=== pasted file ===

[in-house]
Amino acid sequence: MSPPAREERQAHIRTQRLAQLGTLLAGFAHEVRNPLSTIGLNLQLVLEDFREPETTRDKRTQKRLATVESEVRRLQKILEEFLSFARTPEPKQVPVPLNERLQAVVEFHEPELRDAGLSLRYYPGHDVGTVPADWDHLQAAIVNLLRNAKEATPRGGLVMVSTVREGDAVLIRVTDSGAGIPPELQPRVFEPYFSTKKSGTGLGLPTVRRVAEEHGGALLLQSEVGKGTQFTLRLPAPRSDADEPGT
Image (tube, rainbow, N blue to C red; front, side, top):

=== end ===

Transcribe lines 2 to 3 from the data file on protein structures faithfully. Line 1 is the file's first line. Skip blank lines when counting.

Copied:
Amino acid sequence: MSPPAREERQAHIRTQRLAQLGTLLAGFAHEVRNPLSTIGLNLQLVLEDFREPETTRDKRTQKRLATVESEVRRLQKILEEFLSFARTPEPKQVPVPLNERLQAVVEFHEPELRDAGLSLRYYPGHDVGTVPADWDHLQAAIVNLLRNAKEATPRGGLVMVSTVREGDAVLIRVTDSGAGIPPELQPRVFEPYFSTKKSGTGLGLPTVRRVAEEHGGALLLQSEVGKGTQFTLRLPAPRSDADEPGT
Image (tube, rainbow, N blue to C red; front, side, top):